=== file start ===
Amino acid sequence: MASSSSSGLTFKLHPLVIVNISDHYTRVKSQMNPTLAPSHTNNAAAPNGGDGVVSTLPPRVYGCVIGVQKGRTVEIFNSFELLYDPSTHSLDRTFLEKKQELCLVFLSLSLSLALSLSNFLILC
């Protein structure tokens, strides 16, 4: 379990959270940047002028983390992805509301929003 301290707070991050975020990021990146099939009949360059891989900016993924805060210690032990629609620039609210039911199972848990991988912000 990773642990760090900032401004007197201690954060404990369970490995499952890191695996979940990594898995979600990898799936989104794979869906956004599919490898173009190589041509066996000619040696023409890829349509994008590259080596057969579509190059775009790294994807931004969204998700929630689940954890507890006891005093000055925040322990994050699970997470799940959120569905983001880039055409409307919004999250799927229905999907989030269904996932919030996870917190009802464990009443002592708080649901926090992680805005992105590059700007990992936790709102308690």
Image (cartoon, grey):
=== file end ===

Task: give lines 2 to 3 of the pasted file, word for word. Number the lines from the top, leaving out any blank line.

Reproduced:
């Protein structure tokens, strides 16, 4: 379990959270940047002028983390992805509301929003 301290707070991050975020990021990146099939009949360059891989900016993924805060210690032990629609620039609210039911199972848990991988912000 990773642990760090900032401004007197201690954060404990369970490995499952890191695996979940990594898995979600990898799936989104794979869906956004599919490898173009190589041509066996000619040696023409890829349509994008590259080596057969579509190059775009790294994807931004969204998700929630689940954890507890006891005093000055925040322990994050699970997470799940959120569905983001880039055409409307919004999250799927229905999907989030269904996932919030996870917190009802464990009443002592708080649901926090992680805005992105590059700007990992936790709102308690």
Image (cartoon, grey):